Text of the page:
Average Household Spends $99 Per Week on Energy - How do you compare?

Energy is possibly one of the most disruptive and confusing household expenses.

Electricity and gas bills arrive infrequently and, to make matters worse, they're not really itemised. This is unlike almost all other household bills where you can actually see the breakdown of what you got for your money.

Fuel use for cars is somewhat more predictable - but even next week's petrol price is anyone's guess.

For these reasons, many households do not have a good understanding of how much they really spend on energy consumption. In this context, energy consumption being only direct fuel usage (electricity, gas, wood and vehicle fuel).

Thankfully, the Australian Bureau of Statistics likes to work these things out (and I like to read about what they've found out).

Energy costs about 10% of disposable income

  • $99 per week. This is the average amount spent by Australian households on energy. This includes $39 on energy used within the home (such as electricity and gas) and $60 on fuel for vehicles.
  • That's about 5.3% of gross household income or about 10.7% of disposable household income.

The values and percentages vary depending on occupancy status, income levels and other variables. Generally these variations are within logical expectations. For example, households in the Northern Territory spend more than average on vehicle fuel usage than other states, and low income homes spend less overall on energy but their percentage expenditure on energy is still much higher than high income homes.

15% of households are using solar power

  • This figure covers both solar PV panels and solar hot water systems.
  • This is a promising number - although heavily skewed to owner-occupied dwellings. About 20% of owner-occupied dwellings utilise some form of solar power whereas only 4% of rental properties can say the same.
  • On average, households with some form of solar power spent $7 less per week on energy than the rest.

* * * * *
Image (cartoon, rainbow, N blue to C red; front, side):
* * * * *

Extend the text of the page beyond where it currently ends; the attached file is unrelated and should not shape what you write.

Dwelling type and energy costs

  • There is a strong correlation between dwelling type and total household expenditure on energy.
  • Free standing homes spent an average of $109 per week, vs $70 per week for semi-detached dwellings and $59 per week for units. Bear in mind that more people are likely to live in free standing homes - and these are household totals, not per person averages.

I use $14 per week

So I just crunched my numbers and they're nice and low, as expected(!) Here's a quick summary for me:

  • Both gas and electricity connected
  • Dwelling is a unit
  • 2 person household

So here's how we keep it low:

  • We do not own a vehicle. We mostly use foot and pedal power for transport and have a car share account if a vehicle is needed (you don't directly pay for fuel).
  • The unit block we're in has solar hot water.
  • For heating in winter we mostly use energy efficient Foot Mat Heaters and an electric blanket.
  • For cooling in summer we use a fan.
  • We minimise gas usage on the stove-top with the aid of a Thermal Cooker.
  • We use Philips LED light bulbs throughout.
  • We switch off our standby power - either manually or with an EcoSwitch.
  • For clothes washing we use the cold wash setting and don't have a dryer.
  • And yes, we do own a television (it's just not massive), we operate two computers most of the day (one's a low energy MacBook laptop), and several other gadgets (we just switch them off when not in use).

How do you compare?

That's enough about me - how do you compare to the average? Where could you do better?

Next time you re-fill the fuel tank or use energy around the home, just remember, that's over $5,000 of expense per year for most Australians homes... And there's plenty of scope for improvement.

Source data: Household Energy Consumption Survey

The source data for this article is the Household Energy Consumption Survey, Australia: Summary of Results, 2012 (ABS document reference 4670.0). Released 24/09/2013.

- Ryan McCarthy


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